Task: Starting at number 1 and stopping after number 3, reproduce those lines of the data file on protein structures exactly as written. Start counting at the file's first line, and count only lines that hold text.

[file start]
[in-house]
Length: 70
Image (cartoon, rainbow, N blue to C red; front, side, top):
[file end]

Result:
[in-house]
Length: 70
Image (cartoon, rainbow, N blue to C red; front, side, top):